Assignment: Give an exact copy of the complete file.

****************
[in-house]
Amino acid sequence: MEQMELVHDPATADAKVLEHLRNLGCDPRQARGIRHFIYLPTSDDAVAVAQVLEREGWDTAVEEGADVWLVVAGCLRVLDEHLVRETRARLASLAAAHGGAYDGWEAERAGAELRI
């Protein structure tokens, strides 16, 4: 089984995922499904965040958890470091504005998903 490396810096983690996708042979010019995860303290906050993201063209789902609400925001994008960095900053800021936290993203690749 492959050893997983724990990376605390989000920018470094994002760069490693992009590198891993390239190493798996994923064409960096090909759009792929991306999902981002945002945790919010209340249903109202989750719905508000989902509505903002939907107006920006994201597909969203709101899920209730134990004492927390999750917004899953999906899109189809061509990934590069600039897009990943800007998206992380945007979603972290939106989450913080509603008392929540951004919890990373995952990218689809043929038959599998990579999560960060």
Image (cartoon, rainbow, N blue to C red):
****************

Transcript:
[in-house]
Amino acid sequence: MEQMELVHDPATADAKVLEHLRNLGCDPRQARGIRHFIYLPTSDDAVAVAQVLEREGWDTAVEEGADVWLVVAGCLRVLDEHLVRETRARLASLAAAHGGAYDGWEAERAGAELRI
């Protein structure tokens, strides 16, 4: 089984995922499904965040958890470091504005998903 490396810096983690996708042979010019995860303290906050993201063209789902609400925001994008960095900053800021936290993203690749 492959050893997983724990990376605390989000920018470094994002760069490693992009590198891993390239190493798996994923064409960096090909759009792929991306999902981002945002945790919010209340249903109202989750719905508000989902509505903002939907107006920006994201597909969203709101899920209730134990004492927390999750917004899953999906899109189809061509990934590069600039897009990943800007998206992380945007979603972290939106989450913080509603008392929540951004919890990373995952990218689809043929038959599998990579999560960060």
Image (cartoon, rainbow, N blue to C red):